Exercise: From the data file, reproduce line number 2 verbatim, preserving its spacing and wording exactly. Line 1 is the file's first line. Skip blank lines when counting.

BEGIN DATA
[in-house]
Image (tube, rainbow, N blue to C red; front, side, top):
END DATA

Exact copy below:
Image (tube, rainbow, N blue to C red; front, side, top):